A city where time flows differently

 • elegant Renaissance residence of Polish monarchs on Wawel Hill

• splendid collections of paintings, including works by Leonardo da Vinci (the famous Lady with Ermine) and Rembrandt

• the world’s largest medieval market square, still full of life today historic city centre listed as a UNESCO world heritage site

• the altar at the Church of St Mary made by Veit Stoss

• the Jagiellonian University, the oldest university in Central Europe, whose former students include Nicolaus Copernicus

• an abundance of memorabilia which illustrate the Poles’ great affection for the late pope John Paul II, the former archbishop of Cracow

• intellectual climate, which boosted the talent of the recently deceased phenomenal poet Wisława Szymborska,  another graduate of the Jagiellonian University, and winner of the 1996 Nobel Prize for Literature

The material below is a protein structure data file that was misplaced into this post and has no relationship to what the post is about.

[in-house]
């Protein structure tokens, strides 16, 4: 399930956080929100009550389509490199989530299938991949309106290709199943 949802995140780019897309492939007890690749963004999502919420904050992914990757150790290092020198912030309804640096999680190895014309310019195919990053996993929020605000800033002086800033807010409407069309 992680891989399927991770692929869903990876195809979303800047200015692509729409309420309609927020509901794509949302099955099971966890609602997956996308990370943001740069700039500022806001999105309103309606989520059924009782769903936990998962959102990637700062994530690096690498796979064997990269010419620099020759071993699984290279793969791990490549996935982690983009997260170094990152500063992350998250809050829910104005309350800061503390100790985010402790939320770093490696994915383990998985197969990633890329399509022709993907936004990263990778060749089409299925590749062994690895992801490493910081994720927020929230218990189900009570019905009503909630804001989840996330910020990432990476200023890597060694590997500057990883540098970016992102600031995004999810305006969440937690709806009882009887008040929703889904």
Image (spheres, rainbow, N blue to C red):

• luxurious hotels, some with a tradition of several hundred years, and others which could not be more modern

• magnificent cloister complexes full of priceless treasures

• the Salt Mine in Wieliczka, the world’s oldest still-functioning industrial facility, with a breathtaking underground route for visitors

• Cracovians, the people who have been shaping the city where time flows differently for over 1,000 years

These are only a few of the significant reasons why Cracow is worth visiting. To tell the truth, it is difficult to list them all, but the greatest pleasure comes from discovering them.